Victor Pelevin: Поколение «П» (UK: Babylon; US: Homo zapiens)
This is another of Pelevin’s in-your-face post-modernist satires, this time focussing on or, at least, starting with the advertising and public relations industry before moving on to Russian politics as a whole. Let’s start with the title. The Russian title is Generation P. The P stands for Pepsi as, apparently, drinking Pepsi was a sort of rebellion in the latter stages of the Soviet Union. Indeed, as Pelevin says, that generation chose Pepsi as their parents chose Brezhnev. The hero of this book is called Babylen (sic) Tatarsky, Babylen coming from a combination of Baby Yar (referring to Yevtushenko’s poem) and Lenin but, of course, it gets changed to Babylon and Baby/Babe, so that he himself changed his name to Vladimir or Vova. Zapiens comes from television zapping, though, as explained in Chapter 7, it is a bit more complicated than that.
Babylen is a member of the Pepsi generation. He fancies himself as a poet. However, when the Soviet Union falls, he tries to pretend that nothing happened, nothing changed. But things started changing. For example, the clothing that has been normal in the Soviet Union now looked ridiculous. He didn’t write any more poems after that: with the collapse of Soviet power they had simply lost their meaning and value. However, externally it had not changed too much, except perhaps that there were more paupers on the streets, but everything in his surroundings – the houses, the trees, the benches on the streets – had somehow suddenly grown old and decrepit. Indeed, it was like being in Germany in 1946 if the Nazis, despite their defeat, had remained in power as that is what seemed to have happened in Russia. Getting a job is not easy but he manages to find a job in a trading kiosk, with a rather threatening boss. One day, a former fellow student sees him in the kiosk and takes him away.
Morkovin, the former fellow student, explains to Babylen about the new economics. Now is the time to get in on the ground floor before things really take off. All sorts of people are borrowing money, which they often fritter away but, before they do, they need to sell or, at least, be seen to be selling the product they borrowed the money for. For that they need advertising. And for advertising they need the specialist companies who use literate people like Babylen to write the scripts. Copywriting is the key. Babylen is hired and is set to write a script for a company, along with other copywriters. He writes a totally bizarre scenario: The Tower of Babel rose and fell, the Nile flooded, Rome burned, ferocious Huns galloped in no particular direction across the steppes – and in the background the hands of an immense, transparent clock spun round. The executive submits the other scenarios. All are rejected by the client. Reluctantly, she submits Babylen’s. The client loves it.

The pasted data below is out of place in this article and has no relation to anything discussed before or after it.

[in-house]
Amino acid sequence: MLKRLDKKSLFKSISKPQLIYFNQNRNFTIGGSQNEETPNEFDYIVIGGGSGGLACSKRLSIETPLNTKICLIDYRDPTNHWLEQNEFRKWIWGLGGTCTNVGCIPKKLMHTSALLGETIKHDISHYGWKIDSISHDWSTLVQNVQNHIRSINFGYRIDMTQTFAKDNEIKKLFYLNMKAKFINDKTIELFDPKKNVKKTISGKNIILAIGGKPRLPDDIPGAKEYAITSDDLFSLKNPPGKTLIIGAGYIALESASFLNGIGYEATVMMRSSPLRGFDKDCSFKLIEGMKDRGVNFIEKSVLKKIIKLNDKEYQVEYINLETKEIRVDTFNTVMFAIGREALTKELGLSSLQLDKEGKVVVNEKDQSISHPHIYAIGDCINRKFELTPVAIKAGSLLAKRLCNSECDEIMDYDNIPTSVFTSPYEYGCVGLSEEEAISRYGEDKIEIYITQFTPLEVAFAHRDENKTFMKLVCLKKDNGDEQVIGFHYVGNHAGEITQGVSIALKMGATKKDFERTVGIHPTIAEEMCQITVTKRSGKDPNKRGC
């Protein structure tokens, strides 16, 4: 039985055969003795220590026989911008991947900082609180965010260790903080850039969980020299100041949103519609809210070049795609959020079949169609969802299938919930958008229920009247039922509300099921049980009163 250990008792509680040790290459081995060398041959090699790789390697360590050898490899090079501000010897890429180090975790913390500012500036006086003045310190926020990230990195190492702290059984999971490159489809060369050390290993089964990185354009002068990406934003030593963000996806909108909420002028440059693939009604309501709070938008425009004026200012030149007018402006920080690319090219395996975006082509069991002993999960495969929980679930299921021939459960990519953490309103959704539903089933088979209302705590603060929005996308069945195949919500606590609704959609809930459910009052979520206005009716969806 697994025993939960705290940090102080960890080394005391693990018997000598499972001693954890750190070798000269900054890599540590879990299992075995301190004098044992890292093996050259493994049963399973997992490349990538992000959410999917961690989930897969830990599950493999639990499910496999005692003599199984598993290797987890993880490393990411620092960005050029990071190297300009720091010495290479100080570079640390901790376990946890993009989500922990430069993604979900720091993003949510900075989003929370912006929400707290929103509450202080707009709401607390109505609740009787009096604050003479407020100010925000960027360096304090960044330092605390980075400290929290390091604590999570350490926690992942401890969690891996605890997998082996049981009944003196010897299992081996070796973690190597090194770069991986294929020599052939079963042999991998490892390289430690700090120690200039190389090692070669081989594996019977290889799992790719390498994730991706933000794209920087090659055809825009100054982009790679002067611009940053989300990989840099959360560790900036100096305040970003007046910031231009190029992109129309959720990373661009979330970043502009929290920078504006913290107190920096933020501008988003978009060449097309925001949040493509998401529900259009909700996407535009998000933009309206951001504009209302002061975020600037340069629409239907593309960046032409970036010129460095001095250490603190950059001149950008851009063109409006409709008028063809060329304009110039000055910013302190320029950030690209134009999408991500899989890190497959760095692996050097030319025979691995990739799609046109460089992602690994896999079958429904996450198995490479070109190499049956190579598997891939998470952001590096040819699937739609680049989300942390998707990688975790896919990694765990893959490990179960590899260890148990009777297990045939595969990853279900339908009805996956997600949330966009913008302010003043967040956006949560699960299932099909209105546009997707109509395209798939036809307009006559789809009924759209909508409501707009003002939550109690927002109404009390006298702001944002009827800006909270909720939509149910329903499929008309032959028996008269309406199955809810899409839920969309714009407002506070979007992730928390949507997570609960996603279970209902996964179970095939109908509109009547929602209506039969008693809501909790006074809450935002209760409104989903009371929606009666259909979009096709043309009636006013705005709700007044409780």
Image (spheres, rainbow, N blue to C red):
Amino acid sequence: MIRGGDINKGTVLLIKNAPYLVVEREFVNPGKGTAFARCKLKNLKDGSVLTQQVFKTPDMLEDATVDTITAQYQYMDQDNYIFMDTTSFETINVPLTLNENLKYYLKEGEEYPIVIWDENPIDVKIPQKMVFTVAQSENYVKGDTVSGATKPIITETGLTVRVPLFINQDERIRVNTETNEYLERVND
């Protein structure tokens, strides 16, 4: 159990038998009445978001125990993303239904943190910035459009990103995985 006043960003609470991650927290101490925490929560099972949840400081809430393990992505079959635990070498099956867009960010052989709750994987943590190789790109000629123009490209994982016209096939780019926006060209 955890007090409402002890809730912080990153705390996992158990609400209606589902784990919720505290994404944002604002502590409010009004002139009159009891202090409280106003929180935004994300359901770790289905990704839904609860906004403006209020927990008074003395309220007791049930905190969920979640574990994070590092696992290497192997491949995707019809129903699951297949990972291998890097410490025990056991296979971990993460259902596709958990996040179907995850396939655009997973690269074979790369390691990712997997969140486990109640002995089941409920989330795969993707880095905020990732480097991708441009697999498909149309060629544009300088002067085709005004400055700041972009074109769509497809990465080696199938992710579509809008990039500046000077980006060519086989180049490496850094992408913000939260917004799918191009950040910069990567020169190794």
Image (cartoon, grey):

After reading Positioning: A Battle for your Mind, which becomes his bible, Babylen realises the basic economic law of post-socialist society: initial accumulation of capital is also final. At this point, Babylen goes on to greater success, continually hired by different people. One of his employers realises that the future is going to involve developing concepts for US companies wishing to market in Russia, as they will have to adopt a peculiarly Russian strategy and not a US one. As this has not yet happened Babylen is given the task of developing pre-emptive advertising campaigns, such as Parliament cigarettes and Sprite, each one more outrageous. He makes predictions: In the very near future we must expect most of the essential branches of industry to come to a total standstill, the collapse of the financial system and serious social upheavals, which will all inevitably end in the establishment of a military dictatorship.
Of course, as this is Pelevin, it is not going to be so simple. He sidetracks into the history and myths of Babylon (sic), the history of parliamentarianism in Russia (the only thing the word was good for was advertising Parliament, cigarettes), drugs, and more drugs, the secret of advertising (linking any product to money), Homo Zapiens, black public relations and, inevitably, that all the oligarchs, Members of Parliament and even George W Bush are all merely animated figures and not real.
As usual, it is all wonderful fun, way over the top and totally damning of Russia and its people. The only product Russia exports, he comments, is the Kalashnikov though after reading this book, we could add satire to the list.
First published 1999 by Vagrius
First published 2001 in English by Viking/Faber & Faber
Translated by Andrew Bromfield